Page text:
Health concerns

Suspect chemicals

The endocrine system


Policy responses

Take Action!
chemical reaction)

About this site

What could be the effects on humans?

Little is known about the possible effects of hormone disrupting chemicals on humans. Most of the evidence for hormone disrupting toxicity has come from studies on animals or on cell cultures, including human cell culture. There is little data available on human effects, partly because of the unacceptability of doing deliberate experiments on humans. However, there are some worrying trends in the health of both men and women.

Worrying trends in male health

Testicular cancer

Testicular cancer has increased in incidence by 55 per cent between 1979 and 1991 in England and Wales; there were 1137 new cases of testicular cancer in 1991 (Cancer Research Campaign Data, January 1998). Testicular cancer is believed to result mainly from problems occurring during the development of testes whilst the individual is developing in their mother's womb, and hormone disrupting chemicals are hypothesised to be a cause of the increase (Skakkebaek et al, 1998).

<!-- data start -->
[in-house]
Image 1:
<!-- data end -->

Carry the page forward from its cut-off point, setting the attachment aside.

Since testicular cancer is mainly a disease of young men, the increased age of the population is not a reason for the increase of this cancer (as it is with many other cancers). Rates of increase measured in other countries include: an increase of 300% between 1945 and 1990 in Denmark and an annual increase of 2.3% in the Baltic countries (IEH, 1995). It is clear that rates of increase and incidence vary between different countries, with Finland having among the lowest incidence in Europe; men in Finland also seem to have the highest sperm counts in Europe (Jensen et al., 1995).

It is thought that testicular cancer is initiated early in life, before birth (see the endocrine system page for more information).

Sperm counts

Many studies in recent years have suggested that sperm counts have reduced in the last 40 or so years. A major re-analysis of results from many studies concluded that sperm counts in Europe and the USA have been declining, with sperm counts in Europe having declined at 3.1 million/ml/yr over the period 1971-1990 (Swann et al., 1997). One of the authors of this study summarises her most recent research on the ECME site here.